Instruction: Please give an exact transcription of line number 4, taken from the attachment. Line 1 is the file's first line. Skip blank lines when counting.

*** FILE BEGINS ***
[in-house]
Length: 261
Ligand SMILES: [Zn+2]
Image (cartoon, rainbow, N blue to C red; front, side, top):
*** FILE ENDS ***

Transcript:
Image (cartoon, rainbow, N blue to C red; front, side, top):